India's services sector grows at 5-month high, but hiring dips

03 December 2014

Activity in India's services sector expanded at its fastest pace in five months in November, as new orders flowed in faster. But there was a decline in hiring for the first time in four months, the HSBC Purchasing Managers' Index (PMI) released today showed.

The index rose to 52.6 in the month compared with 50 in October. A reading above 50 means expansion, while one below that implies contraction.

The reading in November remained below the series average and sentiment remained subdued, especially with the decline seen in hiring. Markit  Economics, which compiles the PMI data, said services growth had little impact on employment during the month.

Also, new business sentiment slipped to the weakest since mid-2007, implying continued reforms were needed to sustain growth uptick.

''Service sector activity grew in November, as new business rose for a seventh straight month. However, despite an uptick in order flows, business sentiment deteriorated. It reminds us that a continued policy action to addresses investor concerns is required for sustaining the growth momentum,'' said Pranjul Bhandari, chief India economist at HSBC.

Annual services growth in the July-September quarter of this financial year was 7.05 per cent, compared with 6.80 per cent in the April-June period. Still, India's year-on-year gross domestic product growth in the three months to September 30 slowed to 5.3 per cent from 5.7 per cent in the June quarter, as industry, manufacturing in particular, did not pick up.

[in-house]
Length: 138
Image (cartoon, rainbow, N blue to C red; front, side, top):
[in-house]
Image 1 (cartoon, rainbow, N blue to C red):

Manufacturing PMI data, released a day earlier, had revealed that the country's manufacturing activity in November had grown at the fastest rate in 21 months (53.3 points on the index). The Composite PMI Output Index - manufacturing and services taken together - for the month stands at a five-month high level of 53.6, up from 51.0 in October.

Posts & telecommunications was the best-performing segment in the services sector, while financial intermediation and hotels & restaurants saw contraction.

Business activity in November was driven by faster growth of new ventures. The new business sub-index accelerated to 52.5, its highest level since July.

Meanwhile, input costs fell for the first time since March 2009. The rate at which input prices decreased was the second-quickest in the survey's nine-year history.

Despite manufacturers reporting stronger inflationary pressures, the overall rate of cost inflation in the private sector eased to the weakest in the current 68-month sequence of rising prices.

Subsequently, prices charged by Indian services firms deteriorated, for the first time in more than four years, in November. That said, the overall pace at which selling prices fell was fractional.

A faster rise for goods producers did not prevent the rate of private-sector output inflation from easing to the joint-slowest in more than four years.

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